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ERIC Number: ED126547
Record Type: RIE
Publication Date: 1976
Pages: 9
Abstractor: N/A
Reference Count: 0
The Fluency of Women's Speech.
Silverman, Ellen-Marie
In 1922, Otto Jespersen hypothesized that women were more fluent (exhibited less hesitation in oral expression) than men because they had smaller and more central vocabularies, consisting of common words and combinations. Men's vocabularies were considered more extensive due to the inclusion of numerous novel, technical, and infrequently used words. The purpose of this study was to test the validity of Jespersen's hypothesis. Twenty university students, ten females and ten males, were matched on the basis of chronological age, socioeconomic status, and variables shown to influence fluency levels and vocabulary. Each subject then described "a memorable life experience," which was recorded on a three-minute tape. Data reported do not support the notion that women are more verbally fluent than men. In addition, no significant difference in the nature of men and women's vocabulary was revealed. While findings tend to refute Jespersen's hypothesis, it may be possible that a dramatic change in women's language patterns has occurred since the theory was posited, or that a statistical error due to the small sample population may have contaminated the results. (KS)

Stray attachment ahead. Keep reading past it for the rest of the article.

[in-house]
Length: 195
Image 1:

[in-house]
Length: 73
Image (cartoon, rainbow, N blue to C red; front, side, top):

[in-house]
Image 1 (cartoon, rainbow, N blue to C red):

Publication Type: Speeches/Meeting Papers
Education Level: N/A
Audience: N/A
Language: N/A
Sponsor: N/A
Authoring Institution: N/A
Note: Paper presented at the Conference on the Sociology of the Languages of American Women (Las Cruces, New Mexico, January 1976)